Semiconductor Research and Production Applications

The term semiconductor generally refers to a material that has conductive properties between conductor and insulator. This allows it to act as either an insulator or a conductor, depending on the circumstances. In a nanotechnology context, the semiconductor field relates to the production of and research into microprocessors to power computing devices.

The first semiconductors were used in the 1800s in radios. The application of semiconductor materials to computing became clear as their properties have become better understood. The first microprocessors were born when transistors were added to semiconductor chips.

Since the 1970s, when the first microprocessors were introduced, the race has been on to pack increasing numbers of transistors into a smaller area and so increase the processing power of the microchip. Moore’s Law states that the number of transistors on a chip will double every two years and this embodies a drive for innovation. Amazingly, the predictive power of Moore’s Law has held up since 1965 when it was first articulated.

High power computers and even smaller computing devices have been the result of a massive increase in processing speed. The drive to innovate will only become more powerful as the global market for computing devices increases.

Techniques

  • Profilometry
  • SEM/TEM
  • Lithography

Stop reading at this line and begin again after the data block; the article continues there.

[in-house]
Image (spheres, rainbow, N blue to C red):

• AFM/SPM
  • Probe Station
  • Wire Bond
  • Pull Testing

Environmental Challenges

Research and production of semiconductor applications involve processes which operate at extremely high levels of precision on very small scales. Unsurprisingly, these processes exhibit sensitivity to environmental noise and even normal levels of building acoustic and vibration noise can disrupt these sensitive measurements.

A lot of semiconductor testing also involves gaging the conductivity of materials which makes these processes sensitive to ambient levels of electromagnetic interference (EMI). Thermal fluctuation can also affect semiconductors and this is another source of potential error.

For many semiconductor applications it can be hard to attain a quiet environment. Therefore, a lot of research, development and product testing takes place in a clean room which is a space designed to minimize particulate contamination. However, clean rooms incorporate raised floors and air handling equipment, and this can increase ambient levels of noise due to vibrations, air currents and acoustic noise. Another source of noise can be semiconductor process equipment, as it incorporates water flow, moving parts and pumps.

Prior to the installation of a sensitive instrument, it is recommended to survey the site with EMI, acoustic, and vibration measurement equipment to determine the best location. To mitigate the effect of noise the employment of acoustic enclosures, EMI cancellation systems, and vibration isolation systems may be required.

Without Vibration Isolation

Without Vibration Isolation

With Passive Vibration Isolation

With Passive Vibration Isolation

With Active Vibration Isolation

With Active Vibration Isolation

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Comments

  1. Garba Danjumma sani Garba Danjumma sani Nigeria says:

    What is the best material to be used for manufacturing semiconductor?

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